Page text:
As most of you probably know by now, the popular weight loss supplement Hydroxycut has been linked to liver problems and is being recalled with reports stating “…FDA’s food and nutrition division said the agency has received 23 reports of liver problems, including the death of a 19-year-old boy living in the Southwest. The teenager died in 2007, and the death was reported to the FDA this March.”
At this point, it’s impossible to know what, if any, actual cause and effect exists here, but it sounds like the right move on their part. The company producing it keeps changing the formula(s), but the last time I looked, there was nothing in that product that should be hepato toxic at such doses. Someone made some noise – you know, an “expert” -about the HCA being hepato toxic, but I have seen no data to support that in the many studies done in humans and animals and regardless, at the doses used in that product, it’s a non issue. It aint the HCA.
My hunch is this: If there is any cause and effect (and that is FAR from proven at this time…) I would suspect a contaminant of some sort due to Chinese sourced ingredients some supp companies use. My advice when consulting to supplement companies is to NEVER use any Chinese sourced ingredients no matter the cost savings. I am sad to report, most companies source at least some % of their ingredients from China, and I will use no company’s products if they source from China.
Secondly, Acetaminophen is very hepato toxic and causes liver failures every year and it does no get any press such as this, so with millions of doses used, some perspective is required here….
If interested, the warning letter from the FDA can be found here:

FDA Warns Consumers to Stop Using Hydroxycut Products

  1. Marc David 14 years ago

    I just got back from the DCAT in Palm Springs where once again the information was fabulous!
    You pointed out something I’ve known and not spoken about for a very long time and it was the topic of a presentation at this year’s DCAT.
    Sourcing from China: Evaluating and Qualifying Your Raw Material Suppliers
    The demand for dietary supplement ingredients continues to increase in the United States, as do the requirements regarding the safety of these products. With the majority of materials used by the dietary supplement industry now imported from China, manufacturers and suppliers are often challenged on guaranteeing high quality products while maintaining a continuous supply chain.
    It’s a touchy subject. And there’s often overlooked things like…
    As a buyer of a Chinese made ingredient, do YOU personally visit the plan or better yet, have a local person that can do drop-by inspections to ensure that what’s being said is being done is actually being done.
    At a high level it is a matter of quality control. At an even higher level, it’s safety.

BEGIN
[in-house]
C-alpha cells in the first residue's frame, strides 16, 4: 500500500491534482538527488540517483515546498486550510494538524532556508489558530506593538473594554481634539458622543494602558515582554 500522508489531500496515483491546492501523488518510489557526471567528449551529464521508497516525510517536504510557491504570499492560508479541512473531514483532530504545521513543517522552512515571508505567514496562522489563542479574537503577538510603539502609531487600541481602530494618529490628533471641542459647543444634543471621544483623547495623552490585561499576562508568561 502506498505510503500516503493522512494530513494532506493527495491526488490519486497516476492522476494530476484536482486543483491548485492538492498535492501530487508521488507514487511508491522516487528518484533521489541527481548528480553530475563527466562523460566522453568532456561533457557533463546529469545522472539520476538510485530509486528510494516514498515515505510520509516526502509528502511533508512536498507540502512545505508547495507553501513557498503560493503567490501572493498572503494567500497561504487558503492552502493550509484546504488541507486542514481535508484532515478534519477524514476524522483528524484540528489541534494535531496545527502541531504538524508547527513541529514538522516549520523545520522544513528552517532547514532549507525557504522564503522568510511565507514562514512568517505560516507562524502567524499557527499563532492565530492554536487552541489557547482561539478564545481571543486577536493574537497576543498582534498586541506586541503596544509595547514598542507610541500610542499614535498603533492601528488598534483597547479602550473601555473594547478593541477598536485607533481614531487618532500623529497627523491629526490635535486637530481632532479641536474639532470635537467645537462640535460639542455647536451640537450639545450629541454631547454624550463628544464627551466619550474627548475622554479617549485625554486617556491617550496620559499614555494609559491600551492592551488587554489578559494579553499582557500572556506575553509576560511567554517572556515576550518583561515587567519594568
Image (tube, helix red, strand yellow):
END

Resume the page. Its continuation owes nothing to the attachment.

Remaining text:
Most glucosamine products are outsourced and made in China. Some 87% or so of ALL glucosamine comes from China. They had over 335 companies doing that job! And some serious issues behind the scenes.
    I do believe there are a few companies that are keenly aware of this along with the FDA that had a local office in China as of last year. But the consumer?
    It’s nearly impossible to tell if that glucosamine or that creatine came from China. Other than a phone call and a truthful answer, those things are well hidden from consumers. It’s damn hard to find simple things like Creatine that isn’t sourced in China. Not impossible but hard.
    Personally, it’s a very interesting subject that I don’t feel consumers even come close to understanding. And not all companies practice Good Manufacturing Practices (GMPs) or even do regular visits to plants they source from!
    You buzzed over this but it’s quite an interesting topic!

  2. Marc David 14 years ago

    Some distributors test the products once they receive them while others just take the COA (certification of authenticity).
    There’s quite a lot to this topic and my comments are not doing it justice.

  3. Author
    Will Brink 14 years ago

    Marc, I would say the % of companies that actually do third party testing beyond the COA they are given is small, but improving. From my articles almost a decade old – which started with the creatine purity issue – and since then, I have always mentioned consumers need to research the sources from where companies get their stuff. BTW, regarding creatine specifically, that one is easy: if it does not say Creapure on the label, don’t use it…the rest takes some leg work, or using companies that are upfront about their sourcing, such as the Life Extension Foundation.
    Will be interesting to see what the truth is behind the Hydroxycut. If you see any updated into on that, post it here!

  4. jsd73 14 years ago

    Right inline with my beliefs concerning aspirin and the like. Great job Will. Unfortunately, there are those who are hell bent on demonizing any supplement out there, good, bad or indifferent.

  5. tim 14 years ago

    Perfect Blog! Thanks for the great info and motivation.

  6. David 14 years ago


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